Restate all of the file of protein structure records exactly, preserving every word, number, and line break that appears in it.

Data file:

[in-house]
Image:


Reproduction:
[in-house]
Image: